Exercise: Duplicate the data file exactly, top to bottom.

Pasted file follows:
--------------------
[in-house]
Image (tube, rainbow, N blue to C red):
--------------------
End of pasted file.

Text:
[in-house]
Image (tube, rainbow, N blue to C red):